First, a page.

Despite losing out on pole position to Red Bull team-mate Mark Webber, Vettel stormed into the lead before the first corner and the four-time champion never looked like relinquishing top spot as he cantered to a lights-to-flag success. Webber ultimately finished the race in second, with Mercedes driver Nico Rosberg third.
As Vettel, and the fast-starting Rosberg, passed Webber, Kimi Raikkonen was enduring a miserable end to a weekend he will want to forget in a hurry. The Lotus driver had qualified fifth, only to be excluded from the session after his car failed a scrutineering test.
That put last year's race winner at the back of the grid and, in his attempt to make up places early on, he caught the side of a Caterham into the first corner and was soon on his way home after suffering suspension damage.
Vettel built up a commanding lead and by the time he came in to change to the prime tyre, he had enough of a buffer back to Felipe Massa's Ferrari that he emerged back into first place.
There he stayed for yet another victory as he led home team-mate Webber by over 30 seconds, with the Australian unable to turn pole position in to his first win of the season.
Vettel's victory meant he joined seven-time champion Michael Schumacher in recording seven successive race wins in a calendar year, with Alberto Ascari holding the overall record for consecutive victories, having managed nine split between the 1952 and 1953 seasons.
Vettel even celebrated with more 'donuts' out on the circuit, despite the team receiving a fine from motor sport's world governing body the FIA for a similar move to mark his successful world title defence in India.
Rosberg, who said on Saturday his aim was to be the best of the rest behind the Red Bulls, achieved just that as he guided his Mercedes home to the final step on the podium.
With the German manufacturer fighting with Ferrari for second place in the constructors' championship, Rosberg's 15 points will have been welcomed.
His team-mate Lewis Hamilton, who had suffered a broken wishbone in qualifying and required a late brake change on the grid, had a quieter evening as he finished in seventh.
The sole remaining Lotus of Romain Grosjean took fourth as he finished outside the podium places for the first time since Korea.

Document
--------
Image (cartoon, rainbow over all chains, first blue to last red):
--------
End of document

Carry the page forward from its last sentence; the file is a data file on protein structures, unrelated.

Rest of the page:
Ferrari had looked like having an average race, with Fernando Alonso and Massa fighting each other for a large period.
But the decision to put Alonso onto soft tyres for his final stint proved to be a masterstoke as the two-time world champion passed the British pair of Hamilton and Paul Di Resta to take fifth place, with Di Resta one-stopping to seal sixth for Force India.
Massa was also able to score valuable points in the constructors' battle as he ended the race in eighth place with McLaren's Sergio Perez ninth and the second Force India of Adrian Sutil 10th.
Jenson Button once again paid the price for qualifying in the midfield as he suffered in a first-lap incident for the second race in succession.
The 2009 champion required a new front wing and, having started on the harder tyres in the hope of a long first stint, his strategy was compromised and he brought his McLaren home in 12th.
Button spent a large period of the second part of the race behind the Williams of Pastor Maldonado, who took 11th place whilst the Saubers of Esteban Gutierrez and Nico Hulkenberg finished 13th and 14th, respectively.
Valtteri Bottas was 15th in the second Williams whilst it was a disappointing race for the Toro Rosso pair of Daniel Ricciardo and Jean-Eric Vergne who were next to cross the line.
Caterham outpaced fellow new team Marussia with Giedo van der Garde and Charles Pic finishing 18th and 19th respectively whilst Jules Bianchi won the inter-team Marussia battle with Max Chilton.